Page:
By Phebe Wahl By Phebe Wahl | September 7, 2022 | People Lifestyle Feature
Colombian music icon and style superstar J Balvin is finding harmony as the multihyphenate expands his impressive range to include everything from sneakers to mental health.
Dolce & Gabbana ensemble, us.dolcegabbana.com
With 25 of his major hits each having reached over 500 million global streams (nearly all unprecedentedly soaring past a billion streams), José Álvaro Osorio Balvín—the reggaeton singer known professionally as J Balvin—crossed into the rarefied air of global superstardom long ago after his hit “Bonita” reached the 500 million mark on Spotify. Born in Medellín, Colombia, the 37-year-old is known for his international collaborations including recent mashups like “Voodoo,” a trilingual anthem (Hindi, Spanish, English) with Indian superstar Badshah and producer/artist Tainy; “Nivel de Perreo,” featuring emerging Colombian artist Ryan Castro; and the Murda Beatz summer hit “No Más,” featuring Quavo, Anitta and Pharrell.
In addition to what has already been a successful year filled with chart-topping new music, record-breaking collaborations, and headliner performances at the world’s most popular music festivals, Balvin recently announced his highly anticipated Latin American tour which is set to kick off this October. “I try to exercise every day… meditation. I’m always around this small circle of friends—basically the ones that have been there since I started being a person, not an artist. One of my closest friends has been with me since I was 4 years old. We haven’t lost touch, and we keep it real… and that helps me to keep grounded.”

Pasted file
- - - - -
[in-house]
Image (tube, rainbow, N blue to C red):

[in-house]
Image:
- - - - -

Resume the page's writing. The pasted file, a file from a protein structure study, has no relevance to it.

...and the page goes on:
Also celebrated for his distinctive style and his bold use of jewelry, hats and other accessories, Balvin was honored with the Global Style Icon Award at the Accessories Council’s Annual ACE Awards this summer. “I love fashion. I love every little detail that comes with it—from the jewelry to the stitch or a purse, hat, sunglasses. I think of how to elevate with little details,” he explains. Balvin has been one of the first Latinx people to forge partnerships with notable brands across lucrative categories. In 2019, he became the first male Latinx lead with a GUESS campaign. In May, he dropped his second collaboration with GUESS, called Amor, which was created with the goal of bringing attention to the important mental health discussion that he’s always kept as a priority throughout his career. This fall, he also has his very own Monopoly board. “It’s really cool you can connect with people in different ways. Music is the power that gives us the levers to be in these different types of worlds—like sneakers, like gaming… in this case, Monopoly.”
Louis Vuitton ensemble, us.louisvuitton.com